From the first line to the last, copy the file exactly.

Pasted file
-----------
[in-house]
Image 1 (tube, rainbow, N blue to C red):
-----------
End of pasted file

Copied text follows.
[in-house]
Image 1 (tube, rainbow, N blue to C red):